With a fast and intuitive user experience, ASOS is already known for having one of the best retail apps out there. However, the brand has just added a new feature with the aim of further improving its customer experience – a new visual search tool.

So, what does it do exactly? And will customers actually use it? Here are my thoughts on the newly updated app and more on why visual search is becoming a big priority for brands.

Investment in technology

Both eBay and Pinterest have already launched visual search tools of their own, with the latter doing so in order to boost its status as a shopping platform rather than a discovery site. 

For ASOS, the decision is part of the brand’s general focus on digital innovation. Speaking last year, ASOS’s CEO Nick Beighton suggested that technology will be key to meeting changing customer expectations, and more specifically, that “visual search, voice search and AI will help customers navigate the offer in a better and more convenient way.”  

With 5,000 products added to its site each week, ASOS’s huge inventory can make navigation a struggle. It can simply feel far too overwhelming to browse through endless products, with this potentially leaving users bored or frustrated rather than inspired. 

On the flip side, it is also part of ASOS’s USP – the brand is known and loved for the very reason that it offers such a dazzling array of choice.

This is where visual search comes in, with the tool helping to narrow down the customer focus and prompt discovery. So, when a customer sees something they like – let’s say on a friend or in a magazine for example, they can use it to search for similar products via the app.

So, as the tool is now up and running, let’s look at how it works.

Searching for inspiration

The visual search tool can be accessed by clicking the new camera icon in the app’s search bar. You can then use it to take a photo or access the photos in your smartphone library. 

First, I decided to search using a photo taken in real-time. The results were super-fast, returning a good selection of comparable items. The search also returned men’s clothing, which some might see as a minor bug-bear, but I assume the app learns details like gender preferences over time. (I’ve never used it before now).


Next, I searched for an item that I knew was already on the ASOS website, using a screenshot from an Instagram post. However, this time, it failed to return the exact item and only gave me similar styles.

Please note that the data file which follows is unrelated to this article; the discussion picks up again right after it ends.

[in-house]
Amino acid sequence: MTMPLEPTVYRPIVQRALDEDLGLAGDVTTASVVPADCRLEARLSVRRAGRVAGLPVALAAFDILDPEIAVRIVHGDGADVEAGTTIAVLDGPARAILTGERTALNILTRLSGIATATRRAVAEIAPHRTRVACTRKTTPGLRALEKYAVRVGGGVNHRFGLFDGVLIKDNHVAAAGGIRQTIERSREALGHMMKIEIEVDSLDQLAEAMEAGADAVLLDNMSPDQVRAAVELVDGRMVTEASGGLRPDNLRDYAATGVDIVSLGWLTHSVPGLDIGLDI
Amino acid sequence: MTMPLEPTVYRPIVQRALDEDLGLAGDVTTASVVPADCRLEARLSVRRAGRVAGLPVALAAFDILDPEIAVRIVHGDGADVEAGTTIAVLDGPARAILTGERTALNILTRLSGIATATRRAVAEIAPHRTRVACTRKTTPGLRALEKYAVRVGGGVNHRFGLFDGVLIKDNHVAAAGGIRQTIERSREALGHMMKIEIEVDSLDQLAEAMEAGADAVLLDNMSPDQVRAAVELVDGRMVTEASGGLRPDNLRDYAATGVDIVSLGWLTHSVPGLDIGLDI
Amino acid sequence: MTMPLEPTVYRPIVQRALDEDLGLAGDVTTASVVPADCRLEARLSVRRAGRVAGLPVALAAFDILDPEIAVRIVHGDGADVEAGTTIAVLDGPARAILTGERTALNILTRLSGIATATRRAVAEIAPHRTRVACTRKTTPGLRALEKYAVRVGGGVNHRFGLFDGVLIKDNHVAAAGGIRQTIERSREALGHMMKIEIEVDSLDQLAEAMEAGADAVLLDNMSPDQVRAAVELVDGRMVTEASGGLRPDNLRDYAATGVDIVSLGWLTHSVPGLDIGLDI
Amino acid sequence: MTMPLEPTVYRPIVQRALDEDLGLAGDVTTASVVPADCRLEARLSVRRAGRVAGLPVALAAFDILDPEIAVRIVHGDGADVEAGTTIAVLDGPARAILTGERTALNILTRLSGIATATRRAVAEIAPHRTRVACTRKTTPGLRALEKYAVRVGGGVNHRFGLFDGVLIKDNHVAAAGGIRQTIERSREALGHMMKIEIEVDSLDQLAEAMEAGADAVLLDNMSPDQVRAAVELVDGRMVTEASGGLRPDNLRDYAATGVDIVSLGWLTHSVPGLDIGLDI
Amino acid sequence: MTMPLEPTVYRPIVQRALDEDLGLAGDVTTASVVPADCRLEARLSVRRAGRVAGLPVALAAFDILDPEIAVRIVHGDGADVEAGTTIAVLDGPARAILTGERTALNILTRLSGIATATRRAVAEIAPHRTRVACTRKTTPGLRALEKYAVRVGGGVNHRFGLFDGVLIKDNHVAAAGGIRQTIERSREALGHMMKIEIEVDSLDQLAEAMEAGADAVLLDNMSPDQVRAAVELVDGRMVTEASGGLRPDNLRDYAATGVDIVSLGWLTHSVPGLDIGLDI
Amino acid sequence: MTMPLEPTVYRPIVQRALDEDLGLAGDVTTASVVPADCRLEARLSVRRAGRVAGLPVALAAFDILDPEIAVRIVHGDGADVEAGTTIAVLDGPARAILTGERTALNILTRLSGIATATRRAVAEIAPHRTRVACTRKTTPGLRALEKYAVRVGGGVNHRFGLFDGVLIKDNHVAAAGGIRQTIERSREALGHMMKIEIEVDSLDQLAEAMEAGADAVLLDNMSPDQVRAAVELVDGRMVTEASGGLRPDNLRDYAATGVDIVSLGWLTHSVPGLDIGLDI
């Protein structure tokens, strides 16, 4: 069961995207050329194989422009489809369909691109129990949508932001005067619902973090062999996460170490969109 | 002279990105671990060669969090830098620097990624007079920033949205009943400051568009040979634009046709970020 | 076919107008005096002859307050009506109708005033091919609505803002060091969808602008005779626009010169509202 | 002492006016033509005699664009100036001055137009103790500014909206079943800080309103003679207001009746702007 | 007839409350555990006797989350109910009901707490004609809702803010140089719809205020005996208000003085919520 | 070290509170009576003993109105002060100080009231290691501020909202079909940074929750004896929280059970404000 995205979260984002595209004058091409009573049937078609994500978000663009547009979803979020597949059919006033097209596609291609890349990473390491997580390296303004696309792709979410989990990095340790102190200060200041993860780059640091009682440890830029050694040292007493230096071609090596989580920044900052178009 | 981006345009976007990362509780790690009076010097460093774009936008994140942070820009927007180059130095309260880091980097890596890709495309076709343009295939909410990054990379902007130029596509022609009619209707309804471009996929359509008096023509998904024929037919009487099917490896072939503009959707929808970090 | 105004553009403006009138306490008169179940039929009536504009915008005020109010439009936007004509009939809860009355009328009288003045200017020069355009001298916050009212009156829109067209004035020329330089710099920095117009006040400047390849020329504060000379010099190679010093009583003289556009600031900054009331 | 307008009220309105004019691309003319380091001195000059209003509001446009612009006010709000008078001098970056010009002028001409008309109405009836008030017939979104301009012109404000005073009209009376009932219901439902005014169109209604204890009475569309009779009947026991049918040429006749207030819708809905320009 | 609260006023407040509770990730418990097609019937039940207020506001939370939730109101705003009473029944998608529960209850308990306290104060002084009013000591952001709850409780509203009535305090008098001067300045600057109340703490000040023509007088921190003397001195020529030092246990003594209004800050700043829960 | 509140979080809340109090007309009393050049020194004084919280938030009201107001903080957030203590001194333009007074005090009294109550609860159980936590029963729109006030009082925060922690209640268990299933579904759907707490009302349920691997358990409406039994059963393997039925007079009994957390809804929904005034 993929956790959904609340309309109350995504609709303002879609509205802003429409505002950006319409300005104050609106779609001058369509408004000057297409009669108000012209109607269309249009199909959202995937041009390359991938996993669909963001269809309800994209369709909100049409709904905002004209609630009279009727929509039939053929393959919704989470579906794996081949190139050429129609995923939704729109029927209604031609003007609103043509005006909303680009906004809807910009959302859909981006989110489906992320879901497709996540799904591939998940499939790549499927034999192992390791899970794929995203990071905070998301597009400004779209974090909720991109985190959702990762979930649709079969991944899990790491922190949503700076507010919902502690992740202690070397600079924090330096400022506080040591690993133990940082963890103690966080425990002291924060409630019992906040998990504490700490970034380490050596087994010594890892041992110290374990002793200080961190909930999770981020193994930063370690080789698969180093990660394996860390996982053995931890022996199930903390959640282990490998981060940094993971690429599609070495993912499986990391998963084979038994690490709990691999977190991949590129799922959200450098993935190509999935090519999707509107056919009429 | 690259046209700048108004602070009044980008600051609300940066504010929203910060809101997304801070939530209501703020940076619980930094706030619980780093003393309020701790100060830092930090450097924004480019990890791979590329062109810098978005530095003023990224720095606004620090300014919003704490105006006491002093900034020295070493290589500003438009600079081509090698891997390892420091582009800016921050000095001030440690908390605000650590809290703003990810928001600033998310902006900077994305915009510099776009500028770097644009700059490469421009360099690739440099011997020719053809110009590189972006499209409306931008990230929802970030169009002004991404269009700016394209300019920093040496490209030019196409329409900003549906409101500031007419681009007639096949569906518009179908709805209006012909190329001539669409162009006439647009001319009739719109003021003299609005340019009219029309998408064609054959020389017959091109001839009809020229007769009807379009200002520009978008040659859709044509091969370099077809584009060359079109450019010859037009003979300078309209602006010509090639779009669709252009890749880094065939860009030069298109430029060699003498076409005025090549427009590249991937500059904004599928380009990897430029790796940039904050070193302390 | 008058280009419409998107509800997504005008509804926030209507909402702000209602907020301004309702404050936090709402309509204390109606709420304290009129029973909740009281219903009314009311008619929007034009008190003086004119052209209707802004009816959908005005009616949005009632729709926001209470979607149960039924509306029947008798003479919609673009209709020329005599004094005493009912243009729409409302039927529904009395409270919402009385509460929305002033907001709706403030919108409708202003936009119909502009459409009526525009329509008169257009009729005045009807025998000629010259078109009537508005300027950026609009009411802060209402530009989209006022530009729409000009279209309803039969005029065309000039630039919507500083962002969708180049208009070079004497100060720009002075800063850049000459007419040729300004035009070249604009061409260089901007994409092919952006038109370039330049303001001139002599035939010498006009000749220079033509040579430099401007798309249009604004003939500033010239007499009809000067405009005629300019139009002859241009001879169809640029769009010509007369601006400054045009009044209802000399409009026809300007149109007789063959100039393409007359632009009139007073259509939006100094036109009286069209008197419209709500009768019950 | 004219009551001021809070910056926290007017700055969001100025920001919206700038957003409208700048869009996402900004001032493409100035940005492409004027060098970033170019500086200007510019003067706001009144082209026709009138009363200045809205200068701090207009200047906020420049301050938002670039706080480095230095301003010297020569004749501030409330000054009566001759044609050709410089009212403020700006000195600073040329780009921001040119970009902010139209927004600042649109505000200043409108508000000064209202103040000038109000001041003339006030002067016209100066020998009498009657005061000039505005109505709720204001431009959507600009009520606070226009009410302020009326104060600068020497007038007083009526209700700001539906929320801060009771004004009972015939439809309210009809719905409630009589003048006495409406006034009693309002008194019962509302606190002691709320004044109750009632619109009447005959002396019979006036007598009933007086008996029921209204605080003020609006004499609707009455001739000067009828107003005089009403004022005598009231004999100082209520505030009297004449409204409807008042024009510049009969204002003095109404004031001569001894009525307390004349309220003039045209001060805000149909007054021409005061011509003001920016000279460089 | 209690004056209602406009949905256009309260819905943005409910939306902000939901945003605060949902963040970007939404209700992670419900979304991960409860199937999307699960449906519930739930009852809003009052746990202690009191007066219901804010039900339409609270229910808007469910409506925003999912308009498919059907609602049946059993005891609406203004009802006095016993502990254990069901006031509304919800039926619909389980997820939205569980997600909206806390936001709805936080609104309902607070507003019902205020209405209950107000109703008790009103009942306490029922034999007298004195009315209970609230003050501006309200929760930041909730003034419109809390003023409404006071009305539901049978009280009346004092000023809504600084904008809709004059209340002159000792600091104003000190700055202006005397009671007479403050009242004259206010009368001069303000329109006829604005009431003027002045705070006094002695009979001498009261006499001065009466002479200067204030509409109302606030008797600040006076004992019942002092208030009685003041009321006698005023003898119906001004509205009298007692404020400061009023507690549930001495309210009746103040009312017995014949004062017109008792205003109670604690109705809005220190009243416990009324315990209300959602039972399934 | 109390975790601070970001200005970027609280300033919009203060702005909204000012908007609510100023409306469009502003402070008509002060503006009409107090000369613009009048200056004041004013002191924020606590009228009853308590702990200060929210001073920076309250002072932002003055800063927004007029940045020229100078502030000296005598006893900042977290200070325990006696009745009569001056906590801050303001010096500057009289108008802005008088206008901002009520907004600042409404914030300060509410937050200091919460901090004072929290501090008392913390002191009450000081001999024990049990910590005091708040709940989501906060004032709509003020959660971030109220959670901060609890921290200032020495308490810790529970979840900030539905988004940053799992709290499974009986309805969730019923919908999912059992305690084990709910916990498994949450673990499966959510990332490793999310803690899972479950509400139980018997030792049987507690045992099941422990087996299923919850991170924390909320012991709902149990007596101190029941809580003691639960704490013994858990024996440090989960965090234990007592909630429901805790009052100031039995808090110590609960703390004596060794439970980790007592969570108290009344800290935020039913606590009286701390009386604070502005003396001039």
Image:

This could be a big negative, as visual search is meant to improve on the often frustrating experience of using keywords. If you’re certain something is in stock (which I was), this would prove even more frustrating. 

Interestingly, when I searched for another item I knew was on the website, but this time based on a photo from my own camera library – it worked. It seems ASOS’s algorithms are still learning, as is to be expected. 

Lastly, I searched for a pair of shoes from a photo of a print magazine. I’m pretty impressed with these results.


Generally, it seems like the technology is still working out some minor bugs – mainly when it comes to not returning exact items. Overall, however, I was impressed with how fast and easy it is to use and how effective it is at bringing up similar items. 

Will consumers use it?

Personally, I am someone who struggles with online shopping, simply because I get bored of aimlessly browsing. I would definitely use the visual search tool in this scenario because it speeds up the whole process, helping you to find clothes based on ones you already know you like. 

I also think it could be very useful if you are shopping for a specific event or occasion, such as a wedding, where you might be able find a similar version of an expensive or designer item you’ve seen elsewhere. 

Social shopping is also another bonus, with customers often using channels like Instagram and YouTube for fashion inspiration. Ironically, visual search is also a return to ASOS’s original premise. Its brand name stands for ‘As Seen On Screen’, but now instead of television, the tool enables customers to instantly and easily pin-point items like those they’ve seen on social media.

One problem is that users might not know the tool is there, as the camera icon is quite hard to miss, and neither is it promoted elsewhere on the app. However, as the technology becomes more commonplace, it certainly has the potential to catch on.

Will other retailers follow suit?

With such a mobile-savvy audience, it’s unsurprising that ASOS is the first big UK retailer to invest in this kind of technology. By making the mobile experience easier, better and more interesting – it’s sure to further customer satisfaction. 

What is unknown is whether or not it will increase sales.

However, research by BloomReach suggests that the technology can have a direct impact. In a three month period, it found that visual search was associated with more product views, more return visits, and an increase in average spend. Out of the 30.3m visits to the ecommerce sites analysed, users of the visual search tool were found to view 48% more products, were 75% more likely to make a return visit, and placed orders worth 9% more than those who did not.

This kind of data is bound to have spurred on ASOS’s decision to invest in the technology, especially considering that it has also recently invested $40 million in the US market. With increasing competition in the fashion retail space from Amazon – visual search could be a key differentiator. 

For other retailers with less money to play with, visual search is unlikely to be a priority for the time being. But just like previous innovations within ecommerce, ASOS could set the benchmark. 

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